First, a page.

At present there is not a political agreement to make the necessary investments to bring about substantial school reform. The U.S. government and your state government will not make the necessary investments to improve education, nor to improve health care or to rebuild the economic infrastructure until we stop investing over 850 Billion dollars in the war in Iraq and Afghanistan and whichever military intervention follows.
The conservative/ media emphasis on accountability for schools is a distortion. We know which schools need improvement, and we know how to improve them. Teachers can pursue democratic opportunity with instruction in multicultural education, critical thinking, cooperative learning, improved reading and language skills, and empowerment. Teachers and parents together face a political choice. Shall we continue to call for high standards without providing the necessary resources for all schools to have a reasonable chance to attain such standards? Shall we continue to punish schools and their staffs for low test scores, even when we know that the tests are poor instruments for measuring learning and that their construction guarantees the failure of many students? Is increased competition and privatization the answer for schools when it has not been the answer in other sectors of our society, particularly for low income and diverse people?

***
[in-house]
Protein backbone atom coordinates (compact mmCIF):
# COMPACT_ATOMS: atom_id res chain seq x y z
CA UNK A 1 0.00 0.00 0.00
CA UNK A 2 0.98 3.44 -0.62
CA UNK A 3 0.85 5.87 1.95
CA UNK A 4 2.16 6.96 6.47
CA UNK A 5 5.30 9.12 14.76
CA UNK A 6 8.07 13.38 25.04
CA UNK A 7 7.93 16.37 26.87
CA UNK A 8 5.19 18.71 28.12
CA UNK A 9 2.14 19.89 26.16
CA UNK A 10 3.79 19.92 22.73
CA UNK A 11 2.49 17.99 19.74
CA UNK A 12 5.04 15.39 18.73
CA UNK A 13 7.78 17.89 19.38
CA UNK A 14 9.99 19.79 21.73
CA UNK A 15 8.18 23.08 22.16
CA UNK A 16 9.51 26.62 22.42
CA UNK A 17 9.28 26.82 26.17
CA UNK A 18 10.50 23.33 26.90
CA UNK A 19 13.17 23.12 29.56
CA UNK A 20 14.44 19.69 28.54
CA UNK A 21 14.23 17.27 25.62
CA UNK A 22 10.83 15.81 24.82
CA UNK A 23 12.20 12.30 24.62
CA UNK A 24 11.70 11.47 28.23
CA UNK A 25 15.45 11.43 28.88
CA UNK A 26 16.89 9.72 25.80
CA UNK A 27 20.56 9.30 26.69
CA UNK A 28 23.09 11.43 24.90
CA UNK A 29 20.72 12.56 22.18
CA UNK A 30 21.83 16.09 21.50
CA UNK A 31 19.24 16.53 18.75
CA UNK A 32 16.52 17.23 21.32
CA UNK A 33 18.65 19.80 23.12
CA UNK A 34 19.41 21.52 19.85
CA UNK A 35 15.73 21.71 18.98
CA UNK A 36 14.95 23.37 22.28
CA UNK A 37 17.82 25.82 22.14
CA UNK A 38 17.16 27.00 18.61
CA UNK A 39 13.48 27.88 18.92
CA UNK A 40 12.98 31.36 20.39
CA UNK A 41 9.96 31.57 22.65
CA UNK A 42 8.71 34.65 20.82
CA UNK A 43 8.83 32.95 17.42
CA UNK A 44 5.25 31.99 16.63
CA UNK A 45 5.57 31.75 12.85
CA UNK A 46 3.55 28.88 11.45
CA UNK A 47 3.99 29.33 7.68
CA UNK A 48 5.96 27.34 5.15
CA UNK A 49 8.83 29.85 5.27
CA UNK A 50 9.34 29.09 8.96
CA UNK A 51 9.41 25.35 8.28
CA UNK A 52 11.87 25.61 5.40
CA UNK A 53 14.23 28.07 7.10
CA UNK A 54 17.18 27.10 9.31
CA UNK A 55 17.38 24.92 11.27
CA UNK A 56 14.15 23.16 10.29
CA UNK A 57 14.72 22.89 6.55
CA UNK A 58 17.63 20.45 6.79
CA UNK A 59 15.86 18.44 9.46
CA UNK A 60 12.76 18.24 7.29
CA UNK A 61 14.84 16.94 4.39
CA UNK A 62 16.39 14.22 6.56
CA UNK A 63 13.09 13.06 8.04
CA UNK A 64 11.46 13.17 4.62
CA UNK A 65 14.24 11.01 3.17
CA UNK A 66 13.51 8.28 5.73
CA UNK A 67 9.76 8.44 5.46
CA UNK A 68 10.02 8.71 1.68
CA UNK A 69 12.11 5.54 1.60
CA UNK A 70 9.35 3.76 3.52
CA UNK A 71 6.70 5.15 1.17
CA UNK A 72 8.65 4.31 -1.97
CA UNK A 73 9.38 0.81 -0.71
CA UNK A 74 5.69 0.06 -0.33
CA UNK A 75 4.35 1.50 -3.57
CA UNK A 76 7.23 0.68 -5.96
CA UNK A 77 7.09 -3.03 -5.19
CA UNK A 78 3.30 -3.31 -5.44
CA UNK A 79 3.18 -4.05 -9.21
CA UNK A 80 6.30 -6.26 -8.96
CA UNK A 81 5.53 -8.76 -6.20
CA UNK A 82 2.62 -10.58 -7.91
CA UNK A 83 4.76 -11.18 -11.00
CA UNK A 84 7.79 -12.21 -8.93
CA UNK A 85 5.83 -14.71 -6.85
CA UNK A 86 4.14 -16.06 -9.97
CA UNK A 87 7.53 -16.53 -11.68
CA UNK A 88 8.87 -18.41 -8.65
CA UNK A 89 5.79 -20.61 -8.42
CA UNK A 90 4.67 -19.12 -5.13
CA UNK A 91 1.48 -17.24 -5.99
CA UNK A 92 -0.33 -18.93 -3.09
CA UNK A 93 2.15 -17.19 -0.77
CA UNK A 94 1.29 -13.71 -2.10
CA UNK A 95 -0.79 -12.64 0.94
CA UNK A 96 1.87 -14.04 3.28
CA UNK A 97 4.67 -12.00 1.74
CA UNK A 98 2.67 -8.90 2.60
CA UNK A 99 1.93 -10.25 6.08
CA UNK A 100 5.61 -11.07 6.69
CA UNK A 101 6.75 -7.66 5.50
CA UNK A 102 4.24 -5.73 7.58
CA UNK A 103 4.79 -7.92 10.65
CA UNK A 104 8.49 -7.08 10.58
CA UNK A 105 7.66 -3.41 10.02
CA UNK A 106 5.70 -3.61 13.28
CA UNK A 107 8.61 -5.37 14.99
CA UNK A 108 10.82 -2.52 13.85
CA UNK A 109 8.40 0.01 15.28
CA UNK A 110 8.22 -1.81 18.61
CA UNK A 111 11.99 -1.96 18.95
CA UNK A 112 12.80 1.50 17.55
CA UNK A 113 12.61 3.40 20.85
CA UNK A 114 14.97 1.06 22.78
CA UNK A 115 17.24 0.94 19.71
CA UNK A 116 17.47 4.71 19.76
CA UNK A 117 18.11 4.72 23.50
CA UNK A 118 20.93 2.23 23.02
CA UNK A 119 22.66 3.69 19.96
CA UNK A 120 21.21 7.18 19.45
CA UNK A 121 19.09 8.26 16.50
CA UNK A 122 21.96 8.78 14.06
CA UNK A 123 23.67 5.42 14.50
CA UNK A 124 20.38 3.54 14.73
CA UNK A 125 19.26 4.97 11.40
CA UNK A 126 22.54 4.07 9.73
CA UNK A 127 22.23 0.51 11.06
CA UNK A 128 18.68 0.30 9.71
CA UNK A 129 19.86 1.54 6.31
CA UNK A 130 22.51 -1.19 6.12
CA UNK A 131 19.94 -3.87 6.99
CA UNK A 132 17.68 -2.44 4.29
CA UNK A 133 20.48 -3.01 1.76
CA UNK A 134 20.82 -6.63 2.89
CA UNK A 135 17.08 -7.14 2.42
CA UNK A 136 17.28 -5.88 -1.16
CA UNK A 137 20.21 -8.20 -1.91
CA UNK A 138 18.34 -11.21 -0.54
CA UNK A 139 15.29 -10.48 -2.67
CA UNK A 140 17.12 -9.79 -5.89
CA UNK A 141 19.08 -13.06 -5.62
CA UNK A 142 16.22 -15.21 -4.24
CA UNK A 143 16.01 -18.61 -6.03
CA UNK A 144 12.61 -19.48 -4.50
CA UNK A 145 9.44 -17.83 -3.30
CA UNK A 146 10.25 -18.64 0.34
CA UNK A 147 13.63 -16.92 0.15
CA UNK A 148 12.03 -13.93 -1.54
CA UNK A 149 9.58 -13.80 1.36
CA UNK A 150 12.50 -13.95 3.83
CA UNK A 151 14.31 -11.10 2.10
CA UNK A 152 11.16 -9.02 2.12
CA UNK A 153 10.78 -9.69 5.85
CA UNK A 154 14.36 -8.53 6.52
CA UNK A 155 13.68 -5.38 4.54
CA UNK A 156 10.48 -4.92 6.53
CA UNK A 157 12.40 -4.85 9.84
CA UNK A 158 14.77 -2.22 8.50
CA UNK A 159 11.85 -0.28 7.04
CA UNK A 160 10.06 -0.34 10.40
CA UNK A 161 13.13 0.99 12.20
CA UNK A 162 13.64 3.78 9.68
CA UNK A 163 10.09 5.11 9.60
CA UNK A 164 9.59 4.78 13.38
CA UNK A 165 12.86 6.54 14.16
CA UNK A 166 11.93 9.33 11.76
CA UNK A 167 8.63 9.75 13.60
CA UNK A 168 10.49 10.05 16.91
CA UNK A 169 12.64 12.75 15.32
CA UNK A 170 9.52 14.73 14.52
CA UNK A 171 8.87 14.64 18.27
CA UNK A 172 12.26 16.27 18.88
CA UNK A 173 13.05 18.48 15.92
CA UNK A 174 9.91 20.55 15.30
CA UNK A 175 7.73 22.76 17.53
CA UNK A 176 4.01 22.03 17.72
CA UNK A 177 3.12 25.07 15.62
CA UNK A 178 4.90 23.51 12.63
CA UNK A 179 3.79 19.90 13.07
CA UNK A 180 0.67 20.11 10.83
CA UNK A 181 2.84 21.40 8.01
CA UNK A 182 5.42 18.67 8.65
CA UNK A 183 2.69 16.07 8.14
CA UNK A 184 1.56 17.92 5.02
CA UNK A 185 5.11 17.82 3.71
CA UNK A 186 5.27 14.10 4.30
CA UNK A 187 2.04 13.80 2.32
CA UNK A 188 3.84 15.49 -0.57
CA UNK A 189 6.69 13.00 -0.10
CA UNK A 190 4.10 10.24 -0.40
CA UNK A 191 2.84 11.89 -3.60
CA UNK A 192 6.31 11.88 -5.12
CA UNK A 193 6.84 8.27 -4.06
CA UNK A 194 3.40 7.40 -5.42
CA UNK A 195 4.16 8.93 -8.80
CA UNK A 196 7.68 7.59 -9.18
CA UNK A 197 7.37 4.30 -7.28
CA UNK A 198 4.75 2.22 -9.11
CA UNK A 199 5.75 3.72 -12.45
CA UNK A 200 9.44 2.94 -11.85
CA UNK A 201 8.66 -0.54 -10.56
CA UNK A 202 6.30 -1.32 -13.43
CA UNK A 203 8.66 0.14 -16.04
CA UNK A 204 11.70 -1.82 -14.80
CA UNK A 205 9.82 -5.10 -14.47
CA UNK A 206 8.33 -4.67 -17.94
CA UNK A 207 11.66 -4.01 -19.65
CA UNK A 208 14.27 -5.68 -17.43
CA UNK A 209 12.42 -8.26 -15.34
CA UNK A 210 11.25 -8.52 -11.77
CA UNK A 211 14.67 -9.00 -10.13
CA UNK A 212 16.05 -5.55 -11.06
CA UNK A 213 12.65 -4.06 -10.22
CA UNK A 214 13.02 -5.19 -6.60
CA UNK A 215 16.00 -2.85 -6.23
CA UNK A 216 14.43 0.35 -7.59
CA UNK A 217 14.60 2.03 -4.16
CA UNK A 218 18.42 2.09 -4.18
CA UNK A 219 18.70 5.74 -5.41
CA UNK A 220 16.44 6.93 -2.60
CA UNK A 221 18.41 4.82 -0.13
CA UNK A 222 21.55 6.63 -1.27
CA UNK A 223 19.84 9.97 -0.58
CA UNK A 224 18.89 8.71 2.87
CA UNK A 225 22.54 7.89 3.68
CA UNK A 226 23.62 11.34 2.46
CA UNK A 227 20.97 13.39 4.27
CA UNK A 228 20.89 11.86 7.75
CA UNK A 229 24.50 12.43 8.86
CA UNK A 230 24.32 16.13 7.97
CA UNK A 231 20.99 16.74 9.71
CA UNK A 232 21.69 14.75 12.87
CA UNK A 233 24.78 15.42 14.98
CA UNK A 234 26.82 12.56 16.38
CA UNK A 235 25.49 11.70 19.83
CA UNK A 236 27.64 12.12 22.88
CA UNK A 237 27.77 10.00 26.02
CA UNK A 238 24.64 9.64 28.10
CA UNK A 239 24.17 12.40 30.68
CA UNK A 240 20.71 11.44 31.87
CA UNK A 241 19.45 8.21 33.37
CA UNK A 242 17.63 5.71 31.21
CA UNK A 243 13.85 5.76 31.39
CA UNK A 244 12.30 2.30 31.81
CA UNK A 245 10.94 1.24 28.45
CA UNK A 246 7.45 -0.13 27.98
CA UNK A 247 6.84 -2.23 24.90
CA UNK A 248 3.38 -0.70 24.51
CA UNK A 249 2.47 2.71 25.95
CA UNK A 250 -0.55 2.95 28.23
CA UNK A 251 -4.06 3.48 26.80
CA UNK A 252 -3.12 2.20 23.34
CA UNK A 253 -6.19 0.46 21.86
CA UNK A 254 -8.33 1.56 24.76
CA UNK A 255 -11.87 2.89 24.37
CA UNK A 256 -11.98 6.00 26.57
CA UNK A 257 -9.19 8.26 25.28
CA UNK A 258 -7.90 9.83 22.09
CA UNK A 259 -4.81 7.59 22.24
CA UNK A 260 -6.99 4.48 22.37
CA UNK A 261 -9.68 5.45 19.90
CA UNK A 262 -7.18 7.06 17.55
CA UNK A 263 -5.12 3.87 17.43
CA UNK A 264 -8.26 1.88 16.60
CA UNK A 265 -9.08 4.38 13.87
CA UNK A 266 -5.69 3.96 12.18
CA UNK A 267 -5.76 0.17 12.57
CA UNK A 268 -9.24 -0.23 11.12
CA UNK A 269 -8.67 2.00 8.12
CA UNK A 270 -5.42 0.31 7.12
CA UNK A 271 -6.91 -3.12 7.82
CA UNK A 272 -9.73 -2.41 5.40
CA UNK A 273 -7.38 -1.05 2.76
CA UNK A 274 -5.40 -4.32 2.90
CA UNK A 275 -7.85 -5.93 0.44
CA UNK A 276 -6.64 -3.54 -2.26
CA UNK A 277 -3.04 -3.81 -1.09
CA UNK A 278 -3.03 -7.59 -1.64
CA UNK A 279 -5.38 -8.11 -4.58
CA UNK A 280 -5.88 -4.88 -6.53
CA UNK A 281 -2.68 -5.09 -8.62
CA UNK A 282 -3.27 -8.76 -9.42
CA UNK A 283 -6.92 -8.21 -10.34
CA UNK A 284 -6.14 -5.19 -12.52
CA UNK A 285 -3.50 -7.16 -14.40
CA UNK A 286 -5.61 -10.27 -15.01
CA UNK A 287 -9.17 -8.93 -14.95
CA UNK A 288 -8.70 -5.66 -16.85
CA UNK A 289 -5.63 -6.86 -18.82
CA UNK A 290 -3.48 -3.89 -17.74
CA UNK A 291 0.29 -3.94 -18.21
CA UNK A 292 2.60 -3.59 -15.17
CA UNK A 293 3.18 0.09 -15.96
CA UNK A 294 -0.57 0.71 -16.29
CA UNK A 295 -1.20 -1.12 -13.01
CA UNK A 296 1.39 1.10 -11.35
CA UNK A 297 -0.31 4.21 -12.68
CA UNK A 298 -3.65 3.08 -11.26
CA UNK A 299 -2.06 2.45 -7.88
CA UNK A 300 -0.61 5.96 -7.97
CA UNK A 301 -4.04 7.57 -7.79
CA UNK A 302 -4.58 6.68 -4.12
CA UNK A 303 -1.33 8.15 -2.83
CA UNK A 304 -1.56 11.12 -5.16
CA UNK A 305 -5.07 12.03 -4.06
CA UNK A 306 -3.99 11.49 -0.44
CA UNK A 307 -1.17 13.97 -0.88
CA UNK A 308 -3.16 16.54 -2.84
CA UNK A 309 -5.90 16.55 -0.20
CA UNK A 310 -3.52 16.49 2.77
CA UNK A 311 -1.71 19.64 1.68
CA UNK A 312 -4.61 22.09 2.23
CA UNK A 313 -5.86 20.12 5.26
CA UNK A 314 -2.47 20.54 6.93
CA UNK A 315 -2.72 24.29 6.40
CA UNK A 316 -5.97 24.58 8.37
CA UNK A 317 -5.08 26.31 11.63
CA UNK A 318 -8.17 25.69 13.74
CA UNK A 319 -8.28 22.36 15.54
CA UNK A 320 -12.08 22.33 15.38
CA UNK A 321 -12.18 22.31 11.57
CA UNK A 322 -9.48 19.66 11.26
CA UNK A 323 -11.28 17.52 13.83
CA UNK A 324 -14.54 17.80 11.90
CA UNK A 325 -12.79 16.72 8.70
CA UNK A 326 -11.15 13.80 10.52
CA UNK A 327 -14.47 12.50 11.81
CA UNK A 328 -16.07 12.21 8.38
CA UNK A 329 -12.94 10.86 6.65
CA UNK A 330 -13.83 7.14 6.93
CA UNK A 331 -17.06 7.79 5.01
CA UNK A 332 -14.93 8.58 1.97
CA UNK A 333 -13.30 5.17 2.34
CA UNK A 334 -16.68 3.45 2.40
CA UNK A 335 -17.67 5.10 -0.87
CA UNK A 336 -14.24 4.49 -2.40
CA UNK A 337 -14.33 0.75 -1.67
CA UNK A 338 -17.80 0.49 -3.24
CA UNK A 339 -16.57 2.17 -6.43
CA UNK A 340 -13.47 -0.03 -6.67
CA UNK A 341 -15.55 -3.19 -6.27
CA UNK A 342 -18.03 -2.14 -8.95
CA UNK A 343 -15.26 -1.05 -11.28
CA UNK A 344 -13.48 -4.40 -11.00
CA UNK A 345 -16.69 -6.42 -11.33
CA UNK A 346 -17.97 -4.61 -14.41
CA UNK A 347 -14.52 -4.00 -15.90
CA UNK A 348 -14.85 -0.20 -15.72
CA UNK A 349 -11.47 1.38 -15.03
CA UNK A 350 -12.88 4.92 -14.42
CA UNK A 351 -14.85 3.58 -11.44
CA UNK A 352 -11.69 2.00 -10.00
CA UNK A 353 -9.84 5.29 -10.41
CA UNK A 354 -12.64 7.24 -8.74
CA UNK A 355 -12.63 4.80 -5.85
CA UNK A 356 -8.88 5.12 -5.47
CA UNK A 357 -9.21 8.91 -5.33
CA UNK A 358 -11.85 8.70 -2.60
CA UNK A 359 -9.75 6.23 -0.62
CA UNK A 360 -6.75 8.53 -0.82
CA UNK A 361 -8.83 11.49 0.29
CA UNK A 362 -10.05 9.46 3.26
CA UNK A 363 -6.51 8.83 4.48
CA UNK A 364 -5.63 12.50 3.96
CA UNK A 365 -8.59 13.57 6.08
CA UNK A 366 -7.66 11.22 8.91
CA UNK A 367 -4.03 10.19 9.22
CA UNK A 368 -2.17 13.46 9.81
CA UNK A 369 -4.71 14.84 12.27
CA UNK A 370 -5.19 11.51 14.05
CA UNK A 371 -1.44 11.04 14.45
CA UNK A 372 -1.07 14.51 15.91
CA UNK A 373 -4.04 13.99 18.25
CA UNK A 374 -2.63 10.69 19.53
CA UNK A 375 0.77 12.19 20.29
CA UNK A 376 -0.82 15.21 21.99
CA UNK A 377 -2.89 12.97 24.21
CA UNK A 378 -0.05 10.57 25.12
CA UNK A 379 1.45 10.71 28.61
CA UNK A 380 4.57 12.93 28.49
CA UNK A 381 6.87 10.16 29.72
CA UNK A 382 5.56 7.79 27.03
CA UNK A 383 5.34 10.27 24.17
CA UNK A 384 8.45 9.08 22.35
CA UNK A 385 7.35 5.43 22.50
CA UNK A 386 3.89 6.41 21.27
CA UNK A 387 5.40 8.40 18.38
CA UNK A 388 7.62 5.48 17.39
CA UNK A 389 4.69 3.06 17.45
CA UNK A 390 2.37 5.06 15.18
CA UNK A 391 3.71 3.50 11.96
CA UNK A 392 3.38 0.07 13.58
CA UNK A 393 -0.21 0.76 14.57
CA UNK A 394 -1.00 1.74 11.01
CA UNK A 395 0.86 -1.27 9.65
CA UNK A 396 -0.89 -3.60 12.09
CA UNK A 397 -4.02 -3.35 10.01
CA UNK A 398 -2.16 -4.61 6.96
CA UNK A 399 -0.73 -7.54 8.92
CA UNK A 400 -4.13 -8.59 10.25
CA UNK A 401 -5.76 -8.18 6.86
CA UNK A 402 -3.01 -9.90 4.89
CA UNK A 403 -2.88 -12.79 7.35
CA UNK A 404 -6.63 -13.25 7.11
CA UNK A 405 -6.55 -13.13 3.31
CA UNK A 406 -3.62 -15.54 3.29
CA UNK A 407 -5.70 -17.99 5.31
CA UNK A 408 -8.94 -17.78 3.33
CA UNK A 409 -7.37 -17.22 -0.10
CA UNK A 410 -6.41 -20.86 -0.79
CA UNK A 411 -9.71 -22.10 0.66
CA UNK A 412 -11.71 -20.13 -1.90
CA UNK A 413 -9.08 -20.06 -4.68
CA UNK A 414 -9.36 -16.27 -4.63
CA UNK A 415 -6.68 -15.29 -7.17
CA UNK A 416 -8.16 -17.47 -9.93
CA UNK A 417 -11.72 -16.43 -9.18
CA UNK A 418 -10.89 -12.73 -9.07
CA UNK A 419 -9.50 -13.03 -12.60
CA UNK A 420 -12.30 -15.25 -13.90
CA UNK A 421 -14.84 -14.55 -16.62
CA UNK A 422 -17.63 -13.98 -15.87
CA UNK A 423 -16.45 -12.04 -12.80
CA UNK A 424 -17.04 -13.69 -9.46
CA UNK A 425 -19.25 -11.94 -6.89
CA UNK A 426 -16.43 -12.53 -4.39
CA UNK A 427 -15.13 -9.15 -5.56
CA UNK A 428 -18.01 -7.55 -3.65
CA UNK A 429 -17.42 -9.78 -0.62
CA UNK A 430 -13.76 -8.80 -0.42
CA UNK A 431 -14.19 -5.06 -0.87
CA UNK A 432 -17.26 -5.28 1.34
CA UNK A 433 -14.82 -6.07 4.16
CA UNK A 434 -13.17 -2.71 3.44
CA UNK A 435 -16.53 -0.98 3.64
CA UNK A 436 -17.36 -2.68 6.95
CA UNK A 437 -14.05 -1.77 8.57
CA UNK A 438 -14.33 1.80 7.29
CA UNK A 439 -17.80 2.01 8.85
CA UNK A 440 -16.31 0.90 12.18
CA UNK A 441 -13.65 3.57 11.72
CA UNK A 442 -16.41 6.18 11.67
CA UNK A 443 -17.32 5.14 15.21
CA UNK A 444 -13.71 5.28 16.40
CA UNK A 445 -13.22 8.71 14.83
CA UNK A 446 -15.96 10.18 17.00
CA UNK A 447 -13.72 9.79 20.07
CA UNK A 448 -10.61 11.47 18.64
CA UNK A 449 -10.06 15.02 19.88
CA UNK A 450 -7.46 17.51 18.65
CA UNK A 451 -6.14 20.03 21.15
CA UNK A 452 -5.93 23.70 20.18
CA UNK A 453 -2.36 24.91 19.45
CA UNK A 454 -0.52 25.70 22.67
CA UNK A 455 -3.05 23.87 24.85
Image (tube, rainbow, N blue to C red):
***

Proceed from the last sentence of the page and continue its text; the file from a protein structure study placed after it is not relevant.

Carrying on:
The problem is to provide the resources, including well prepared teachers with adequate support, needed to make the current schools successful. We face a choice between providing high-quality schools only for the middle and upper classes, and underfunded, understaffed schools for the poor. Or, we can also choose to work together to improve schools that are presently failing.
See the prior post.